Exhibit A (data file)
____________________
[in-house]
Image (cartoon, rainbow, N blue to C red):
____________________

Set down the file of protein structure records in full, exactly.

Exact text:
[in-house]
Image (cartoon, rainbow, N blue to C red):